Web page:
Switch output (1B and 2B) pins 346A and 346B are connected with twisted pair 43B that terminates at RX 175 of port 35. Accordingly, when an optic signal is detected at optic receiver 177 of transceiver 300, an active high control signal (CTL) is output at SD pin 325A and is supplied to input pin 361 of comparator 360. An asserted CTL signal is at a higher voltage level than the comparator reference voltage VREF. Accordingly, an inverted control signal {overscore (CTL)} comprising a TTL low voltage is applied to output-enable input pins 336A and 336B and switching circuit 335 is biased into a conducting state. Thus, data out pins 178A and 178B are electrically coupled with switch output pins 346A and 346B. When no optic signal is detected at optic receiver 177, control signal CTL is at a PECL-low voltage level and is applied to comparator input pin 361. The PECL-low voltage level is less than the comparator reference voltage VREF and the inverted control signal CTL comprises a TTL high voltage. The TTL-high level voltage is applied to output-enable input pins 336A and 336B and switching circuit 335 is biased into a non-conducting state. Accordingly, data out pins 178A and 178B are electrically decoupled from switch output pins 346A and 346B in the absence of an optic signal at optic receiver 177. Transceiver 301 and switching circuit 337 may be implemented in a similar manner and configured with transceiver 300 and switching circuit 335 for fabrication of the repeater configuration 400 described above with reference to FIG. 7.

The repeater configuration illustrated in FIG. 7 may find particular application in bus prototyping environments when the prototyping environment does not facilitate accurate modeling of the physical environment on which a design bus is to be deployed. For example, an aircraft electronics system may be deployed on a 1394b cable bus comprised only of copper or other electrical transmission medium and is confined to small routing areas limited by the dimensions of an aircraft fuselage infrastructure. However, prototyping and troubleshooting of the bus design may be carried out in one or more laboratories where accurate reproduction of the fuselage confinement is not possible. One or more repeaters as described above may be implemented to accurately prototype a design bus such that hop counts and node address assignments are accurately modeled while the prototype spans a larger transmission distance than what is possible by the design bus to be deployed within the aircraft. For example, system transmission mediums 40-42 of bus system 10 may each respectively comprise an electrical transmission medium. A prototype of system 10 may be designed and built that features repeater configuration 400 disposed between, for example, peer nodes corresponding to system 10 nodes 22 and 23. Node address and hop counts observed on the prototype bus will accurately reflect that obtained on system 10 because repeater configuration 400 does not feature an addressable physical layer and thus neither of transceivers 300 or 301 are assigned a bus address or consume a bus hop as monitored by the serial bus management system.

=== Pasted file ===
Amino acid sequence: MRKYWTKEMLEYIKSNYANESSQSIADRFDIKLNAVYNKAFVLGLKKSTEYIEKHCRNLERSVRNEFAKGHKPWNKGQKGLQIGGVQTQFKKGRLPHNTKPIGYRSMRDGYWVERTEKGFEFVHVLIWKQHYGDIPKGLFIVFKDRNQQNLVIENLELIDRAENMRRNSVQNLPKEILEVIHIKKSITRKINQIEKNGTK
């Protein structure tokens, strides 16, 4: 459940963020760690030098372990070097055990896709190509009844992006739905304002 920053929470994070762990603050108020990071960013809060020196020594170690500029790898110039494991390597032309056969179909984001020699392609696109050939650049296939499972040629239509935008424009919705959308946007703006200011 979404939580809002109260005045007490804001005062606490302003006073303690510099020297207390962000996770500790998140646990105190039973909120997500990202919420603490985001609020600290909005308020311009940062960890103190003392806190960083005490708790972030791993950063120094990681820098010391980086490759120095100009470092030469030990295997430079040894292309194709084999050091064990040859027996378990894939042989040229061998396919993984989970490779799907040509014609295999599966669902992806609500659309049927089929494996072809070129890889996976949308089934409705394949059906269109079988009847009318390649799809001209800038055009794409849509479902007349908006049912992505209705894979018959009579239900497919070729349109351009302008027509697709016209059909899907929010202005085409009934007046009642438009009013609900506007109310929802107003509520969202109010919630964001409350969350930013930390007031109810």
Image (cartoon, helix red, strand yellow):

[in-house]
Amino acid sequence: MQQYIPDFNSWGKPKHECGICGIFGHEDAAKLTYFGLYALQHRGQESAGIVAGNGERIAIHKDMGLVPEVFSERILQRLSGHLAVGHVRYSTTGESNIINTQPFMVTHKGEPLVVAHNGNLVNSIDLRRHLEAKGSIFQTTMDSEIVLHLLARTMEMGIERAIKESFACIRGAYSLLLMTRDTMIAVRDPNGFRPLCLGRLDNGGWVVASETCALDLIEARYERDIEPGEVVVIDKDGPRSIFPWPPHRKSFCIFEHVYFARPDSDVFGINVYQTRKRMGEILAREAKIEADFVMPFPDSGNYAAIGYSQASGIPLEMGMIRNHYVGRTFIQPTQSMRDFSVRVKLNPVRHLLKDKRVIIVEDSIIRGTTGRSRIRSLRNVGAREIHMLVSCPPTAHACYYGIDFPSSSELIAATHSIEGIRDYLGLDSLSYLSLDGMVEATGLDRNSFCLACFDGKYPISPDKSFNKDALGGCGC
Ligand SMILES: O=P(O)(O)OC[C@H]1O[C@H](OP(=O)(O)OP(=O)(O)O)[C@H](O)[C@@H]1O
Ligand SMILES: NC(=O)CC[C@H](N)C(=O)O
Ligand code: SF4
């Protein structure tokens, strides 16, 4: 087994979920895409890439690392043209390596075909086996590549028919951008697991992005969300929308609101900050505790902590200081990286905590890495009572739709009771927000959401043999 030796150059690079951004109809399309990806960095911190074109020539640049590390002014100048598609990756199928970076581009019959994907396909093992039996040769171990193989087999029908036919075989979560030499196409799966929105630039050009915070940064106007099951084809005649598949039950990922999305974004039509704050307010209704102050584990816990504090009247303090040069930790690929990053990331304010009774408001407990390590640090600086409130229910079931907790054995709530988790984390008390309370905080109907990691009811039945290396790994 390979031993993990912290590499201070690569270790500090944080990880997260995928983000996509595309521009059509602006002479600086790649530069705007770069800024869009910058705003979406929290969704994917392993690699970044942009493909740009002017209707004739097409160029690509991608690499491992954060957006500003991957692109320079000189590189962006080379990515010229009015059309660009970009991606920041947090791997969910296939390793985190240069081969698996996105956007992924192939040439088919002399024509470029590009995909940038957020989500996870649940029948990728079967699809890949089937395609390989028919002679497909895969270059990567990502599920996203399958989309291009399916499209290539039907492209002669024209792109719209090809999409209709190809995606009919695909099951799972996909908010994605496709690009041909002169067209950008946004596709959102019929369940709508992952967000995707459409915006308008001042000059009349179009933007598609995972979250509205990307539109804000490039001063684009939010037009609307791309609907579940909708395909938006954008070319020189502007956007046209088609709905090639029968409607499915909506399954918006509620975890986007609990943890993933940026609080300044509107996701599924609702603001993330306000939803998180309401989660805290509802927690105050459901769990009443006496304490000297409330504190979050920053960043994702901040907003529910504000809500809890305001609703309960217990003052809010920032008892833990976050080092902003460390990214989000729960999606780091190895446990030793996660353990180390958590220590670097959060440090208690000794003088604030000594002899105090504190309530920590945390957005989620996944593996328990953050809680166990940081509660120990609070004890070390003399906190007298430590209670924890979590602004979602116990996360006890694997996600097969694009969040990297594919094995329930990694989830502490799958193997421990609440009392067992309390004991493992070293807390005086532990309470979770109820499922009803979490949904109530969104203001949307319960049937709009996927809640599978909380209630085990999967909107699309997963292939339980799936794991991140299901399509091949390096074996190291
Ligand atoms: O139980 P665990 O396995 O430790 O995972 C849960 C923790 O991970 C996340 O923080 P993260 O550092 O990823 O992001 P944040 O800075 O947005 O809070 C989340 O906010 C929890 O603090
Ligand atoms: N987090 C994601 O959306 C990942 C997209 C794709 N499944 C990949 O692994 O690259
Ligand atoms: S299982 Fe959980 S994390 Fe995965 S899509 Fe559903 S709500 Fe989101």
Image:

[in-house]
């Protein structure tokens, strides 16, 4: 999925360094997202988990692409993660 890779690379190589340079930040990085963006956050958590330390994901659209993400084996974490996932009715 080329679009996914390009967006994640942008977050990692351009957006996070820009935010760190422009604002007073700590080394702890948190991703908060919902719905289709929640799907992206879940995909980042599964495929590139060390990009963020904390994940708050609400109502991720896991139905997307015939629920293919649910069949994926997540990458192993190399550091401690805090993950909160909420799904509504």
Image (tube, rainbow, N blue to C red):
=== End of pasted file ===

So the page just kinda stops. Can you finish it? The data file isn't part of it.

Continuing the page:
While the invention has been particularly shown and described by the foregoing detailed description, it will be understood by those skilled in the art that various changes, alterations, modifications, mutations and derivations in form and detail may be made without departing from the spirit and scope of the invention. Particularly, the invention has been shown and described with reference to the 1394b serial bus standard. However, implementations and variations of the invention may be made for any serial bus environment that relies on signaling silence for proper bus configuration or operation.

Referenced by
Citing PatentFiling datePublication dateApplicantTitle
US7334075 *Jul 27, 2006Feb 19, 2008Intel CorporationManaging transmissions between devices
US7533203 *May 6, 2004May 12, 2009Texas Instruments IncorporatedMethod and system for rapidly starting up an IEEE 1394 network
US8041859Nov 5, 2007Oct 18, 2011Honywell International Inc.Apparatus and method for connectivity in networks capable of non-disruptively disconnecting peripheral devices
US8176224May 12, 2010May 8, 2012Honeywell International Inc.Apparatus for non-disruptively disconnecting a peripheral device
US20120008938 *Nov 5, 2010Jan 12, 2012Via Technologies, Inc.Data Transmission Systems and Methods
US20130103864 *Dec 7, 2011Apr 25, 2013Hon Hai Precision Industry Co., Ltd.Device for indicating status of hard disk
Classifications
U.S. Classification398/140
International ClassificationH04B10/43
Cooperative ClassificationH04B10/43
European ClassificationH04B10/43
Legal Events
DateCodeEventDescription
Aug 12, 2003ASAssignment
Owner name: LOCKHEED MARTIN CORPORATION, MARYLAND
Free format text: ASSIGNMENT OF ASSIGNORS INTEREST;ASSIGNOR:WOOD, STEPHEN R.;REEL/FRAME:014395/0555
Effective date: 20030812